“Be kind, for everyone you meet is fighting a harder battle.”
When Mark and I lived in England nearly 20 years ago, a neighbor always made Moussaka when we were invited to dinner. Greece was a popular English holiday destination and Greek food a popular choice for parties.
I don’t know how it was that I ever tried making it myself (maybe I’d made it before I’d ever tasted hers) because hers always had hard bitter bites of eggplant (“aubergine”) in it, with big puddles of orange grease floating on the top. Maybe I’d already eaten it in a Greek restaurant in London, so I knew how delicious it could be. Maybe I just was better able to interpret the recipe in Delia Smith’s Complete Cookery Course, THE cookbook of the day.
Or, maybe she was just in too much of a hurry. It’s a dish that takes time, even interpreted for the British home cook. Mary Platis, the California Greek Girl, told me that her family has a recipe that takes all day to make, and I’m sure it’s quite amazingly delicious. Delia’s is simpler than that, although it has three major steps that require some time and several pans and bowls.
Still, I recently had a taste for it. It’s been years since I’d made it, and I’d had leftovers from the leg of lamb we had at Easter. With moussaka in mind, I’d cut the medium-rare meat into 1/4-inch cubes and wrapped it airtight for the freezer.
The recipe calls for ground (“minced”) lamb or beef, but I figured I could just lightly warm the already-cooked meat before it baked in the seasoning in the oven. I cooked the thinly sliced onions well, almost to golden, before adding the meat just to simmer for a minute.
Instead of cooking the garlic with the onions, I added it to the rest of the seasoning — red wine, tomato paste, cinnamon, fresh parsley, salt and pepper. The fragrance was heavenly: fruity and bright, with an exotic tingle from the cinnamon, the fresh-cut parsley, freshly ground black pepper.
How you handle the eggplant is key to this recipe.
It doesn’t say so in Delia’s recipe, but I peeled the eggplant because I don’t like tough purple strings in my food. I had one large globe eggplant (her recipe calls for 3 medium ones) that I cut into twelve 1/4 to 3/8-inch circular slices.
I sprinkled salt on top of each, then stacked them in a colander, topping the stacks with a plate and my alabaster mortar and pestle as a weight. I let the colander stand in the sink for 30 minutes to drain out excess moisture while I cooked the onions and mixed the seasonings. Then, I wiped them dry with paper towel before frying.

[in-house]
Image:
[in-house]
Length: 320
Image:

One thing you’ve gotta know about eggplant before frying it: it is unquenchable when it comes to oil. You should probably keep the full bottle out of its sight, but in any case, don’t use more than 2 Tablespoons per each 4-slice batch.
I heated the oil to shimmering, slid in the wiped-off eggplant slices, flipping each immediately so that each side got a little oil. I cooked them until each side had brown markings on it, the eggplant had turned a pale green, and was soft. As a final measure against greasiness, I laid them between paper towels.
Meaty and Cheesy
I made a layer of eggplant in the bottom of a casserole dish (no greasing, please!), then topped that with half the seasoned meat and onions. Another layer of eggplant got topped with another layer of meat and onions.
I cooked up the cheese sauce, whisked in the eggs, and poured it over the meat and eggplant. On a whim, I sprinkled on some smoked paprika. All this goes into the oven for an hour, until the topping is high and puffy and a little browned.
I took it out of the oven and let it cool a little to let the topping set and the bubbling to subside, but the fragrance was enticing. Finally, we had a taste (my mouth waters now as I think of it). It was magic — the eggplant had modestly melted into the mixture, leaving just a savory meat and cheese casserole with a lovely depth of flavor.
The other day, my friend Patsy told me that I could never get her to eat eggplant. I’m not so sure that’s true.
For my interpretation of Delia’s recipe, see Moussaka.